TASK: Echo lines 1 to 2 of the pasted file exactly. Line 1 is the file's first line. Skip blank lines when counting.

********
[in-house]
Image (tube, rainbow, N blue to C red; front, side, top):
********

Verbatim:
[in-house]
Image (tube, rainbow, N blue to C red; front, side, top):